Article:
Restless Leg Syndrome

A neurological condition in which the legs are afflicted with a throbbing, pulling, or creeping sensation and an overwhelming urge to move. These symptoms tend to occur at night, during rest or relaxation. Restless leg syndrome (RLS) can disrupt sleep and interfere with people’s jobs, relationships, and daily activities.

No one knows exactly what causes RLS. It may be associated with abnormalities in the basal ganglia circuitry of the brain that uses the neurotransmitter (nerve messenger) dopamine, which is required for smooth and purposeful body movement. Possible risk factors for RLS include kidney failure, diabetes, and peripheral neuropathy, and treating these underlying conditions may help ease RLS symptoms. Antinausea drugs, antipsychotic drugs, antidepressants that increase levels of the neurotransmitter serotonin, and sedating antihistamines all can aggravate symptoms of RLS.

A number of measures can help control RLS symptoms, including cutting back on caffeine, alcohol, and tobacco, keeping a regular sleep schedule, getting regular exercise, massaging the legs, and taking hot baths. The drug treatment of choice for RLS is dopaminergic agents such as levodopa, ropinirole, pramipexole and rotigotine. Other helpful medications include benzodiazepines such as clonazepam and diazepam, opioids such as codeine and propoxyphene, and anticonvulsants such as gabapentin and pregabalin. A device called the Relaxis pad has been approved for treating RLS. Applied to the site of discomfort, it vibrates for 30 minutes while the person is in bed and then automatically shuts off.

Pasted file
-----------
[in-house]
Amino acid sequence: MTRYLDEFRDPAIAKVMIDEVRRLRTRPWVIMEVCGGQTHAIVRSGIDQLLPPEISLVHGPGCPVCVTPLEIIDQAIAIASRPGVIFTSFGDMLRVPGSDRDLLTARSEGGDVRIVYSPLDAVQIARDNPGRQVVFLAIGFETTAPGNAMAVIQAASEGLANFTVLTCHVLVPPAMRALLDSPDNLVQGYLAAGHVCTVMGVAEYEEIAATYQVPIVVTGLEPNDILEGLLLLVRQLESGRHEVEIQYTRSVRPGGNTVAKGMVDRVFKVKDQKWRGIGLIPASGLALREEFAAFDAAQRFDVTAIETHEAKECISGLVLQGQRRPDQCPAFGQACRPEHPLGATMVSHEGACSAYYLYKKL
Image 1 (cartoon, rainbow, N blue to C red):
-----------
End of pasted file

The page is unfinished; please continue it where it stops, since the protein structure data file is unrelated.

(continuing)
Want to learn more about restless legs syndrome? Read “Lupus and Restless Legs.”

Robert S. Dinsmoor is a medical writer and editor based in Massachusetts.

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